First, what the Hell is an "influencer"? That's really a job? I am probably showing my age but, damn, really?
John Dietsch wrote a piece - An Influencer Rows Through It - in Angling Trade magazine, a magazine that does not normally enter many peoples' consciousness but this article reached a pretty wide audience and received a lot of attention. Certainly he seemed to have stuck a nerve. It is a drum that Kirk Deeter, editor of Angling Trade and Vice President of Trout Media, the editor of Trout, the magazine of Trout Unlimited, and others have been beating recently.
I am not sure I really understand what an influencer, a brand ambassador, or a 'pro' really is - and is not. Part of what drew my interest in the topic is the ongoing conversation about the NCAA and the "name, image, and likeness" (NIL) changes that are taking place reminded me of the article by John Dietsch I had read some time ago. Not to get into the argument about whether or not the NIL is going to be a good thing for NCAA athletes and college athletics or if it is going to drastically change college sports, maybe in quite a negative way for many athletes. What I have seen in the short time that student-athletes have been taking advantage of this 'new found freedom' is that it may not be a meritocracy. From what I have seen - and it is still early - is that endorsement deals and other money is going to exactly who you would expect - the quarterback, the basketball player that the shoe companies have been "influencing" for years, and really attractive female athletes.
Last time I checked, Maxine McCormick became the 2016 World Champion fly caster when she was only twelve years old, so young females kicking ass is nothing new. Problem is Maxine’s achievements were measured by judges, but the yardstick on Insta followers is vague and leads to antagonism.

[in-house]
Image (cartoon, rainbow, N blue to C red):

I think that quote from Dietsch's article gets to the heart of the issue - people think that those gaining all this attention have not earned it. They have not paid their dues and they maybe are not all that accomplished at fly fishing...but they look the part. Shyanne Orvis (Instagram) and Maddie Brenneman (Instagram) are among those have received the most attention and blow-back as fly fishing influencers. Misogyny, jealousy, an unwillingness to accept the new generation or acknowledge that they bring something new and different to the sport, or a legitimate criticism? A bit of all of the above?
Sex Sells - So What?
We all know that it is nothing new that sex sells. As Kate Watson put it in the podcast, The Sexualization of Fly Fishing (below), the concern is that "Beauty will trump skill set". It is something of a double-edged sword - the attractive female fly angler gets attention for her looks, not her skill, but they have have a difficult time gaining acceptance by the fly fishing community for their skill.
And it works both ways, fly fishing boomed by about 60% after "The Movie" and that probably would not have happened if Paul Maclean was not played by Brad Pitt. For lack of a better way of putting it, fly fishing has a sort of "sexiness" about it. There is a reason that advertisers use fly fishing (generally exceedingly poorly - seriously, hire a consultant so the actor looks like they know what the Hell they are doing!) to feature their products. If Brad Pitt was throwing spinners or drifting worms, a River Runs Through It lacks much of its appeal.
I do not think that anybody has more insight into this issue than does April Vokey, maybe the first fly fishing "influencer" in the internet age. Today, I think, she has the most interesting, informed, and insightful "take" on the topic. She speaks with an understanding of both sides of the issue on her Anchored and Into the Backing podcasts.
April often has topics that are about the social aspects of fly fishing. One particularly interesting episode of Anchored was with Darcie Arahill ("Darcizzle" on YouTube) whom is probably best known for her bikini fishing videos on YouTube. And April did a recent Into the Backing podcast with Kirk Deeter, Tom Larimer, and Bridget Fabel on influencers (Into the Backing Podcast Ep. 08: Fly Fishing Influencers in the Wild). If you want to get to the real "meat" of the conversation, skip to minute 53 when April asks, "why is it always women that are named as influencers"?